Jennifer Jensen Wallach's nuanced history of black foodways across
the twentieth century challenges traditional narratives of "soul
food" as a singular style of historical African American cuisine.
Wallach investigates the experiences and diverse convictions of
several generations of African American activists, ranging from
Booker T. Washington and W. E. B. Du Bois to Mary Church Terrell,
Elijah Muhammad, and Dick Gregory. While differing widely in their
approaches to diet and eating, they uniformly made the cultivation
of "proper" food habits a significant dimension of their work and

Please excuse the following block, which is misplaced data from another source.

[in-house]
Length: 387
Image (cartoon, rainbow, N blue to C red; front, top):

their conceptions of racial and national belonging. Tracing their
quests for literal sustenance brings together the race, food, and
intellectual histories of America.
Directly linking black political activism to both material and
philosophical practices around food, Wallach frames black identity
as a bodily practice, something that conscientious eaters not only
thought about but also did through rituals and performances of food
preparation, consumption, and digestion. The process of choosing
what and how to eat, Wallach argues, played a crucial role in the
project of finding one's place as an individual, as an African
American, and as a citizen.